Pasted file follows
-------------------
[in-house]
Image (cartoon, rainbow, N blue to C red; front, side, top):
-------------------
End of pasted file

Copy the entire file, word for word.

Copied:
[in-house]
Image (cartoon, rainbow, N blue to C red; front, side, top):